5. Appreciation in the moment – Keep your list close by all day, so when stress or negative emotions occur you can choose something from your list that will quickly (in 30 seconds) evoke a feeling of appreciation.


1Fritschi, Morrison, Shirangi, et al. 2009; Platt, Hawton, Simkin, Mellanby. 2010; Cited in J Occup Health Psychol 2014 Apr;19(2):123-32.

2Foster SM, Maples EH. “Occupational stress in veterinary support staff ”. J Vet Med Educ 2014 Spring;41(1):102-10.

3Pert C. Molecules of Emotion: The Science Behind Mind-Body Medicine. candacepert. com Accessed May 28, 2015.

4Nummenmaa L, Glerean E, Hari R, et al. “Bodily maps of emotions”. PNAS 2014 111 (2) 646-651.

5Armour JA. “Potential clinical relevance of the ‘little brain’ on the mammalian heart”. Exp Physiol 2008;93:165–176

6McCraty R. “The Energetic Heart: Bioelectromagnetic Communication Within and Between People”. Clinical Applications of Bioelectromagnetic Medicine, edited by P. J. Rosch and M. S. Markov. New York: Marcel Dekker, 2004;541-562.

7McCraty R, Shaff er F. “Heart Rate Variability: New Perspectives on Physiological Mechanisms, Assessment of Self-regulatory Capacity, and Health Risk”. Glob Adv Health Med 2015 Jan;4(1):46-61.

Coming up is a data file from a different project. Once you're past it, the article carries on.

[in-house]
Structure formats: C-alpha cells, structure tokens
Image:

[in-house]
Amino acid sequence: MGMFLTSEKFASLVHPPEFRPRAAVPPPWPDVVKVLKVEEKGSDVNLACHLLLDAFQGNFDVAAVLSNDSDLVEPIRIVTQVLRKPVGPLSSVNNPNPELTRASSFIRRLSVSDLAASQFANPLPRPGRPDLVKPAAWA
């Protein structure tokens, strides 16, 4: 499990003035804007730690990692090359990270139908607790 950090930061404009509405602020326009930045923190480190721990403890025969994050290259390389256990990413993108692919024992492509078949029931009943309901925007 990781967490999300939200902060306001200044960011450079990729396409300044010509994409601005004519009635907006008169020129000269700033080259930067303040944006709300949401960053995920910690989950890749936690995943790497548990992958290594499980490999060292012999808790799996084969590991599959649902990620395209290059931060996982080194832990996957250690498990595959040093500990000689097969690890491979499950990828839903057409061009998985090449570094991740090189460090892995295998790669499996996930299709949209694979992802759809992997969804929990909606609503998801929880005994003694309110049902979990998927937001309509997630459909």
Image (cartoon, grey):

8McCraty R, Atkinson M, Bradley RT. “Electrophysiological evidence of intuition: part 1. The surprising role of the heart”. J Altern Complement Med 2004 Feb;10(1):133-43.

9McCraty R, Atkinson M, Tomasino D, et al. In K. H. Pribram, ed. “Brain and Values: Is a Biological Science of Values Possible”. Proceedings of the Fifth Appalachian Conference on Behavioral Neurodynamics. Mahwah, NJ: Lawrence Erlbaum Associates, Publishers, 1998;359-379.

10McCraty R, Zayas M. “Cardiac coherence, self-regulation, autonomic stability, and psychosocial well-being. Front Psychol 2014;5:1090.


Dr. Barbara Fougere graduated in 1986, and was named the American Holistic Veterinary Medical Association Educator for 2011. Dr. Fougere is the principle and one of the founders of the College of Integrative Veterinary Therapies. She has continued studying over the last 26 years, and has three Bachelor degrees, two Masters degrees, three post Graduate Diplomas, several Certifications and numerous other courses under her belt.